Southern Ocean Gas Exchange Experiment: Setting the stage

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The Southern Ocean Gas Exchange Experiment (SO GasEx) is the third in a series of U.S.-led open ocean process studies aimed at improving the quantification of gas transfer velocities and air-sea CO2 fluxes. Two deliberate 3He/SF6 tracer releases into relatively stable water masses selected for large pCO2 took place in the southwest Atlantic sector of the Southern Ocean in austral fall of 2008. The tracer patches were sampled in a Lagrangian manner, using observations from discrete CTD/Rosette casts, continuous surface ocean and atmospheric monitoring, and autonomous drifting instruments to study the evolution of chemical and biological properties over the course of the experiment. CO2 and DMS fluxes were directly measured in the marine air boundary layer with micrometeorological techniques, and physical, chemical, and biological processes controlling air-sea fluxes were quantified with measurements in the upper ocean and marine air. Average wind speeds of 9 m s-1 to a maximum of 16 m s-1 were encountered during the tracer patch observations, providing additional data to constrain wind speed/gas exchange parameterizations. In this paper, we set the stage for the experiment by detailing the hydrographic observations during the site surveys and tracer patch occupations that form the underpinning of observations presented in the SO GasEx special section. Particular consideration is given to the mixed layer depth as this is a critical variable for estimates of fluxes and biogeochemical transformations based on mixed layer budgets. Copyright 2011 by the American Geophysical Union.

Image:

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Journal of Geophysical Research: Oceans